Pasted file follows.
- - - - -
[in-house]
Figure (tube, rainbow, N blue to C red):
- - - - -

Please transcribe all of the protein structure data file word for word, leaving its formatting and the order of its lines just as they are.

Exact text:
[in-house]
Figure (tube, rainbow, N blue to C red):